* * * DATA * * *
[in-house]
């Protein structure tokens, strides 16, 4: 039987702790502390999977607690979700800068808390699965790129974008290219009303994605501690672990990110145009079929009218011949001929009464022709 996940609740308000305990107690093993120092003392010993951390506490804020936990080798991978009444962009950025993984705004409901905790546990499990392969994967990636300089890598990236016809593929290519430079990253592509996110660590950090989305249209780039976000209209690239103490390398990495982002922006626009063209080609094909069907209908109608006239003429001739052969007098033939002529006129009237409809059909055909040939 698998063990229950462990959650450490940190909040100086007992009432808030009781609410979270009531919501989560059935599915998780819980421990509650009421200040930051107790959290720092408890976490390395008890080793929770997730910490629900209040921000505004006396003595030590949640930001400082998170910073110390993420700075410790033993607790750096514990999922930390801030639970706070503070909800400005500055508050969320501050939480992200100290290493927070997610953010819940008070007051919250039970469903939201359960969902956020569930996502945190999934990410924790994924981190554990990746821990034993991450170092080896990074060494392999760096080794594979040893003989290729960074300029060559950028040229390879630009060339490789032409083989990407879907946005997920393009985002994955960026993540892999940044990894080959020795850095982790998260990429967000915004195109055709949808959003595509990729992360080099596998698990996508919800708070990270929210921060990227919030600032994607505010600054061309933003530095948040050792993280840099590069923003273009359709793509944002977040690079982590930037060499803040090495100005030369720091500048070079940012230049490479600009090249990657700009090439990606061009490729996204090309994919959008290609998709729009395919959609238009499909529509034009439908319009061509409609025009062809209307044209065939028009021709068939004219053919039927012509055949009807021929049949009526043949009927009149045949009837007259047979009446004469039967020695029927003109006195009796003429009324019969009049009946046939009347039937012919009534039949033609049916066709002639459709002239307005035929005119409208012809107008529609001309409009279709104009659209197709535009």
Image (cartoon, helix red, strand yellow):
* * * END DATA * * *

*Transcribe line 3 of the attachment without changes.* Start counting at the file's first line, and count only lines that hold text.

Image (cartoon, helix red, strand yellow):